Lowcountry Gullah Heritage Tour

By:Staff Writer



Starting on Hilton Head Island and ending in Charleston, South Carolina, this trip will take you through the Lowcountry and makes stops at places aimed at preserving the Gullah way of life and educating all who are interested.

The heritage and traditions of the Gullah culture are evident throughout the Gullah/Geechee Cultural Heritage Corridor, which runs along the East Coast from Jacksonville, Florida, to just north of Wilmington, North Carolina.

As you drive over the bridge to Hilton Head Island, SC, the view of the coastline provides a spectacular setting for the beginning of the trip. This is the very coastline that the Gullah people of the Sea Islands have inhabited for more than three centuries.

Day One

After arriving on Hilton Head Island, head straight for the Gullah Museum of Hilton Head Island on Gumtree Road to tour The Little House, built in 1930 by former slave William Simmons. The Gullah Museum preserves the Gullah culture that existed on Hilton Head Island before the bridge to the mainland was built. The Little House has been kept authentic by Simmons’ great-granddaughter, Louise Miller Cohen, and gives visitors the experience of life on the island of the Gullah people during the 20th century.

To explore more of Hilton Head Island’s expansive roots in Gullah culture, make your way to the Coastal Discovery Museum on Honey Horn Drive. This museum displays the natural history and cultural heritage of the Lowcountry with exhibits and tours that take visitors throughout Hilton Head Island, SC. For a Gullah-inspired tour of the island, reserve a spot with Gullah Heritage Trail Tours, which picks up close to the Gullah Museum of Hilton Head Island. These two-hour tours are available Tuesday through Saturday at 10 a.m. and 2 p.m. and Sundays at noon. Tours are led by native islanders and descendants of the first Gullah settlers, such as Dr. Emory Campbell. Campbell, born and raised on Hilton Head Island, has been an influential leader of the Gullah community since the 1970s.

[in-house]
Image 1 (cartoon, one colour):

Another must-see setting for Gullah culture is the Mitchelville Freedom Park, located off Beach City Road at the heart of the original Mitchelville settlement. The first post-Civil War settlement for freed slaves, Mitchelville established the beginning of freedom for the members of this community as they built homes, elected their own officials, developed laws and implemented mandatory education for their children.

With your trip to Mitchelville finished, a great stop for a late lunch on the Lowcountry tour is Dye’s Gullah Fixin’s on William Hilton Parkway. Dye Scott-Rhodan is an outland Gullah raised in Ridgeland, South Carolina, whose parents passed their heritage and recipes along from previous generations. Dye’s Gullah Fixin’s combines authentic Lowcountry cooking with fresh ingredients but only takes reservations, so be sure to call in advance. If you’d prefer a more spontaneous lunch option, stop by Bullies BBQ for some smoked ribs or slow-cooked hickory pork.

After you’ve had your fill of Gullah fixings, leave Hilton Head Island for nearby Beaufort, SC. Beaufort is a stone’s throw from where the second day of your trip will start, so for your accommodations check out The Rhett House Inn. This classic Southern inn is located in the heart of Beaufort’s Historic Landmark District and is a great jumping-off point to tour the city. Head over to Bay Street to the Rhett Gallery, owned by the family who built the inn. The gallery features a variety of artwork inspired by the Lowcountry, including a collection of Gullah-inspired works. The collections here capture the spirit of Beaufort’s roots in Gullah history, and the city itself holds an annual Gullah Festival each May. With generations of the Rhett family working at the gallery, you’re in great hands if you have any questions about Beaufort.